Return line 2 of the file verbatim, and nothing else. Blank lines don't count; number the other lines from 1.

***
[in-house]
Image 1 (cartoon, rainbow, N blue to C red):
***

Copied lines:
Image 1 (cartoon, rainbow, N blue to C red):